Pumpkin Pie

Since the early 20th century, Americans have been making squash pie and calling it “pumpkin” because, well, it rolls off the tongue better. That can of “pumpkin” puree you recently bought? It’s probably squash. The fact that squash is a suitable (if not preferred) ingredient in pumpkin pie shouldn’t come as a complete surprise. After all, squash is earthy like a pumpkin, but also less stringy, sweeter, and more vibrant in color.

Why call it pumpkin?

Pumpkin pie, as we know it today, is a fairly recent invention. Chicago-based Libby’s was the first mass marketer of canned pumpkin, and their famous pie recipe first appeared on cans in the 1940s, just when processed foods were liberating housewives across America. Libby’s may have been inspired by the fact that early American colonists are thought to have served a sweet pumpkin pudding for Thanksgiving dinner.

This canned puree, marketed as “100% Pure Pumpkin,” is more often than not, squash. If you’re buying Libby’s, for example, you’re likely using the Dickinson squash — resembling a cross between a butternut and a pumpkin — especially developed for the company. This is where the technicality comes into play: because both pumpkins and squash fall under the same genus, the distinction is a bit grey when it comes to canned products, at least according to the USDA. The label can have a “pumpkin” claim even if there is no pumpkin in sight, because of the official definition: “The canned product prepared from […] golden-fleshed, firm-shelled, sweet varieties of either pumpkins and squashes.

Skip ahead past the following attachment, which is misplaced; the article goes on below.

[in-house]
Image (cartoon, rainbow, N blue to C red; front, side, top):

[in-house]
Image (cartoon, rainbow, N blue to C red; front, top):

Which is best?

Whether it’s best to use canned or fresh for pumpkin pie is a bit of a controversy. But the comparison of a stringy, watery pumpkin to the smooth, rich canned puree is an unfair one. Besides, as we’ve already mentioned, most canned “pumpkin” is really just squash.

Yet when you bring fresh squash puree into the mix, it’s a clear winner over canned product. (The online cooking community agrees – see our recipe list below.) Plus, you can make squash puree in a pinch. By the time a squash has been roasted, pureed, blended with fall spices, and baked into a “pumpkin” pie, the only thing anyone will notice is just how delicious it is. So the real controversy should be: which squash to use for your homemade puree?

We scoured the internet for pie recipes and found two clear winners: butternut and kabocha. Butternut offers a delicate sweetness and smooth texture, while kabocha offers a uniquely silky texture, chestnut flavor, and bright-orange color. Whatever your preference, roasting the squash is vital, which concentrates the flavor and removes moisture.

Sure, making your own squash puree takes a little more effort, but baking a delicious, show-stopping pie from scratch is truly rewarding. This fall and winter season, try experimenting with squash and ask yourself whether it’s everything you want in a pumpkin pie — wholesome, comforting, and familiar. We bet it will be.

Below are some of our favorite recipes to get you started: